Freedom Without Responsibility is Recklessness

July 8, 2013
Written by Janice S. Ellis Ph.D. in
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Brigham Young Freedom Quote
When, in the course of exercising our individual freedom, does it become recklessness? Photo Credit:

When it comes to exercising individual freedom, there is no greater place on earth than the United States of America. But when, in the course of exercising our individual freedom, does it become recklessness?

It goes beyond not screaming "Fire" in a crowded theater when there isn't one.

During the month of July, each year we celebrate this nation's birth, its independence and the awesome individual rights endowed to each of us as citizens. But there are two major situations unfolding this month which should give us great pause.

While very dissimilar in the circumstances surrounding them, they are very similar in their far-reaching implications when it comes to exercising individual freedoms.

The first is the Trayvon Martin-George Zimmerman tragedy, where the right to carry a conceal weapon and the "Stand Your Ground" law created the perfect storm that resulted in the loss of life. Could the entire situation have been handled differently and the tragic outcome avoided had reasoned judgment been present in exercising an individual freedom?

The broader implication is what is the logical extension of reasoning if everyone who is carrying a conceal weapon chooses to stand their ground in a threatening situation, real or imagined? When does freedom without responsibility and reason become recklessness?

Then you have the case of Edward Snowden who had access to some of America's most sensitive national security information to protect us from terrorist attacks. What does he do? He decides to release it to one foreign nation, flees for protection in another, and then he claims he is not only exercising his individual freedom, but that his action is done to protect the freedom and rights of all Americans, and those unsuspecting foreign countries where America may be violating their rights.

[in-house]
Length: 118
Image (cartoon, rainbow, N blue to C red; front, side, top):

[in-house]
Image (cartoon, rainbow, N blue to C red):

George Zimmerman and Edward Snowden

What about the long-term security and rights of America as a nation to protect itself? And if Snowden really wanted to protect the freedom and rights of fellow Americans, why did he not stay on American soil and use American channels to do it? When does exercising individual freedom without responsibility become reckless behavior?

During this month, when we celebrate the birth of what is still the greatest nation on earth, it is worth giving considerable thought to the question of: How do we protect freedom not only for individuals but for the overall health, safety and well being of our nation?

The Trayvon Martin – George Zimmerman tragedy and the Edward Snowden national security leak represent a different side of the same coin: Freedom and the obligation to use reason and responsibility in exercising it. Did either George Zimmerman or Edward Snowden do that?

Both of these incidences require our serious consideration and redress long after they no longer occupy the headlines of the nation's newspapers, airways, television and the Internet. They get to the core of who we are and what this great nation is all about. There is too much at stake not to do so.

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